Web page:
Quote:
Ewell's forces were in just as bad shape as Hill's. Rodes had sent all five of his brigades into the battle, but only two, Doles' and Ramseur's, were at the front and in position to continue the fighting. O'Neal had lost almost 25 percent of his force, and most of his survivors (except the few who had joined Ramseur's charge) remained on Oak Hill. Daniel, too, had taken huge losses; almost 35 percent of his troops had fallen in battle. Iverson had suffered the most. His casualties exceeded 900 men, 60 percent of his brigade, and the remnants lay exhausted atop Oak Hill. And even though both Doles and Ramseur were ready for more action, their numbers, too, were diminished. They had entered into battle with 2,600 effectives; only about 2,000 remained.
Quote:
While Ewell's reasons for not challenging the Federals crowded on Cemetery Hill were perhaps wrong, was he right in not mounting an assault against the slope? Experts who have studied Gettysburg say yes. They base their analysis not only on the impotence of the Confederate forces but also on the strength of the Union forces.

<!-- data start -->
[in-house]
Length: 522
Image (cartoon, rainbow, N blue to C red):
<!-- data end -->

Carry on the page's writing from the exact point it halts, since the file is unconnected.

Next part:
Quote:
When the Federal lines collapsed north and west of Gettysburg, the Union troops drew back to Cemetery Hill, the designated haven in case of defeat. Colonel Orland Smith's 2,000-man brigade, supported by a battery of six guns, was atop the knoll, eager to greet any oncoming Rebels. As the fleeing Federals climbed the slopes, their officers guided them into imposing defensive positions. Gamble's 1,500 troopers were sent south, in front of and along Cemetery Ridge, where they guarded the left flank from Confederate assault. Most of the I Corps fell in atop Cemetery Ridge behind the cavalry; Wadsworth's division rushed to Culp's Hill to protect the right flank; and Howard's corps augmented Smith's men on Cemetery Hill. A total of about 12,000 Union soldiers were ready to defend the heights.
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  #6  
Old 14 Apr 12, 12:44